The Life and Death of a Salmon
from Wildlife Promise
This past weekend I was walking along the Green River. I was just outside of Auburn, WA (just south of Seattle) and enjoying the afternoon sun. This section of the river is wilder than its southern parts which are constricted and channeled. Here there is a forest of cottonwoods which seem to glow gold against the deep blue of the sky.
Logs lie haphazardly along the banks and small channels wind their way through boggy ground and blackberry brambles before joining the larger river. There are carcasses of dead fish scattered among the rocks, the bright white bones stand out above the dark gray of the rocks and there is a heavy stench of decay in the air.
Cycle of Life
I decided to make my way up along a log jam that had been deposited by a flood over 40 years ago and whose logs now dipped into one of the small side channels. I did not have to go far before finding what I was looking for, a spawning salmon.
She is bright red with white patches that seem to resemble a fungus. She is in shallow water and her dorsal fin sticks up above the surface of the slowly flowing stream. The gentle swishing of her tail is in rhythm with her opening and closing her mouth. As I bend over to take a picture she barely seems to notice my presence.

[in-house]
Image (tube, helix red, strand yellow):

This brave and tired salmon is at the end of her life. Like the dead salmon that I have seen on my way in she is at the end of her life after coming all the way back here from her years in the Pacific Ocean to spawn. Just up-stream of her is her redd where she has deposited her now fertilized eggs. There they will develop over the next months.
When the frye are large enough they will then begin their own journey down the stream to the Green River and out into Puget Sound and from there to the ocean. Those that are lucky enough to make it to the ocean will spend a couple of happy years in the ocean before returning to this stream to spawn and die, thus completing their circle of life.
Protect Salmon From Pollution and Other Stressors
Salmon are anadromous fish. This means that their lifecycle begins in the fresh water of streams like this one before they change to adapt to the salt water of the ocean where they will spend most of their lives before returning to spawn in the fresh water.
Salmon are an important part of the Pacific Northwest’s culture and economy. Despite their importance to our culture and economy, stressors such as development that encroaches on streams and rivers is threatening their population and many of our once strong runs of salmon are now gone or threatened.
Discover more about salmon and how the National Wildlife Federation is helping to protect salmon and other wildlife throughout the U.S. at our website! You can also ‘like’ us on Facebook to find out what is going on in the Pacific Northwest, just look up National Wildlife Federation Pacific Regional Center!